With both laptops sitting side-by-side, Lenovo's IdeaPad S940 is clearly the more premium PC. Its chassis is built from a solid chunk of aluminum, with hardly any flex, and overall weight and size that is common with 14-inch devices. The Swift 5, on the other hand, uses a magnesium alloy for the chassis. It's not as rigid and likely won't withstand quite as much abuse as pure aluminum, but it allows for a lighter overall build. The Swift 5 weighs just 2.18 pounds (990g) compared to the starting weight of 2.64 pounds (1.2kg) for the S940. If you want the lightest device for easy carrying, the Swift 5 is likely quite appealing, while the S940 brings a superior level of craftsmanship to those who prefer a premium laptop.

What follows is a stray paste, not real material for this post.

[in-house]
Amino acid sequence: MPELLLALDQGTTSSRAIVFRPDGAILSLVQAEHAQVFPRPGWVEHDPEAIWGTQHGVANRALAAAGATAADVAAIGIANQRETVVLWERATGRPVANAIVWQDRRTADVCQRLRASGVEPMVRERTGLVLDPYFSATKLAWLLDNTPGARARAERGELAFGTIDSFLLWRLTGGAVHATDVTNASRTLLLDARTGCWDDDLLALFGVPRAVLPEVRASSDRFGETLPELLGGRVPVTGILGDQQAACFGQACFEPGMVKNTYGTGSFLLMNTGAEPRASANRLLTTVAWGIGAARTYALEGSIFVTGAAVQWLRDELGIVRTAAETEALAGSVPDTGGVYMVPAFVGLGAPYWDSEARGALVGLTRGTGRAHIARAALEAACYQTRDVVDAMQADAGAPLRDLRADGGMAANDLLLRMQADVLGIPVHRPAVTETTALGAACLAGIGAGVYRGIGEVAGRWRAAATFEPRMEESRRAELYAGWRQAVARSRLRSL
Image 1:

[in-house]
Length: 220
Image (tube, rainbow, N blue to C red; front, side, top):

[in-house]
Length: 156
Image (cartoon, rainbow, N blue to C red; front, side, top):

The IdeaPad S940 is just a bit thinner than the Swift 5, but ports on Lenovo's laptop take a hit. You get just two Thunderbolt 3, one USB-C, and a 3.5mm audio jack. You can always connect a powerful Thunderbolt 3 docking station for improved connectivity, but Acer's Swift 5 will natively offer more connections. It has a single Thunderbolt 3 (which can also be used for a docking station), two USB-A, HDMI, and 3.5mm audio. If you hate hubs and adapters, especially for common accessories that use USB-A, the Swift 5 should cause fewer headaches.

The keyboard and touchpad on both devices could use a bit of work. I found the Swift 5 to be mostly comfortable if not a bit cramped, and the Precision touchpad was large enough to promote productivity. The S940 also has a Precision touchpad and backlit keyboard. Both laptops have a 16:9 aspect ratio that shortens the area allowed for palm rests, so some might find typing uncomfortable. In any case, we always suggest you give the keyboard and touchpad a try in person before making a final decision.